From this fundamental unit or constant, more intricate structures emerge through various arrangements of elements. I find this notion captivating, as I believe it holds great relevance to our reality. At the fundamental level, everything within our reality stems from a common element. Distinct structures arise due to inherent properties of this element. As these structures interact with one another, they generate higher levels of complexity. To delve deeper into this concept, I recommend reading Stuart Kauffman's "At Home in the Universe." Similarly, Spinoza's ethics adopts a comparable architectural structure, employing simple axioms to deduce complex conclusions although not all of Spinoza's arguments hold true, this structure served as inspiration. His world, much like mine, is inherently deterministic. One could argue that his pantheistic notion of God is embodied within the mathematical relations that define and govern both universes.

Religious references are undeniably present in my work, as these worlds manifest as 3D models-clean, pristine, and existing in a separate realm. The digital world of 3D models could be likened to Plato's metaphysical world of ideas. In the digital space, models assume perfection and mathematical precision, while their realization in reality introduces imperfections and roughness, with supporting structures intact. This aspect is an avenue I aim to further explore, capitalizing on the imperfections that manifest when transitioning something from the virtual realm to the physical world.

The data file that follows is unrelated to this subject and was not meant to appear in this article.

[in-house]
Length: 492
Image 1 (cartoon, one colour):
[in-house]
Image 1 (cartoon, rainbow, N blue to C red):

As mentioned earlier, the concept of complexity is a central aspect of my work, albeit in a more rudimentary form. It is truly remarkable how applying this method can give rise to an array of distinct shapes with varying levels of complexity, even without reaching extraordinary heights. My work celebrates this astonishing diversity.

Minecraft introduced another dimension to my project: architecture and its historical significance. Architecture, like the structures I explore, is a system that simultaneously limits and enables movement and freedom. Throughout history, architecture has served various purposes, including showcasing a government's dominance over its people. There exists a profound connection between strictly hierarchical organizations and architecture, evident in the context of the church, Nazi Germany, Soviet Russia, North Korea, and modern-day multinational corporations. Deyan Sudjic's book, "The Edifice Complex," delves into the intricate relationship between power and architecture and is a recommended read.